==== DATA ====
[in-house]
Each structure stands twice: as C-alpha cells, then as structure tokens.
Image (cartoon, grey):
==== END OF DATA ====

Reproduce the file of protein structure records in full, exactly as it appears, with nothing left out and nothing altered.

[in-house]
Each structure stands twice: as C-alpha cells, then as structure tokens.
Image (cartoon, grey):